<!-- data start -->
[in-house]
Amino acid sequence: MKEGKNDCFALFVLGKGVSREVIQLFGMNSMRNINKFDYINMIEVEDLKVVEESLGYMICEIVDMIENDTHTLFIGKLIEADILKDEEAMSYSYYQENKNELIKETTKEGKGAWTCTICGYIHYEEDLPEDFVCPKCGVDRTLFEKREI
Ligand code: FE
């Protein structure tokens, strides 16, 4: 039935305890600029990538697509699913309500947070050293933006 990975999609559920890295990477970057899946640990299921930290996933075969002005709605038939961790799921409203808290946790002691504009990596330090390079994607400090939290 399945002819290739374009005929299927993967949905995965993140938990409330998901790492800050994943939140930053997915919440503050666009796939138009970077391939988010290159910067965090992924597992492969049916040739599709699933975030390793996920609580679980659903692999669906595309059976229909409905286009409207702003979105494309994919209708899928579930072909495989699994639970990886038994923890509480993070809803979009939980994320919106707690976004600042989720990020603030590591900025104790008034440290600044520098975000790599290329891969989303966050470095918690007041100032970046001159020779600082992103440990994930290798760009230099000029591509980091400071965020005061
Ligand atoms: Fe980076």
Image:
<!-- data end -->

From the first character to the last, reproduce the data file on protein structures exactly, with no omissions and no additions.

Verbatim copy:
[in-house]
Amino acid sequence: MKEGKNDCFALFVLGKGVSREVIQLFGMNSMRNINKFDYINMIEVEDLKVVEESLGYMICEIVDMIENDTHTLFIGKLIEADILKDEEAMSYSYYQENKNELIKETTKEGKGAWTCTICGYIHYEEDLPEDFVCPKCGVDRTLFEKREI
Ligand code: FE
């Protein structure tokens, strides 16, 4: 039935305890600029990538697509699913309500947070050293933006 990975999609559920890295990477970057899946640990299921930290996933075969002005709605038939961790799921409203808290946790002691504009990596330090390079994607400090939290 399945002819290739374009005929299927993967949905995965993140938990409330998901790492800050994943939140930053997915919440503050666009796939138009970077391939988010290159910067965090992924597992492969049916040739599709699933975030390793996920609580679980659903692999669906595309059976229909409905286009409207702003979105494309994919209708899928579930072909495989699994639970990886038994923890509480993070809803979009939980994320919106707690976004600042989720990020603030590591900025104790008034440290600044520098975000790599290329891969989303966050470095918690007041100032970046001159020779600082992103440990994930290798760009230099000029591509980091400071965020005061
Ligand atoms: Fe980076």
Image: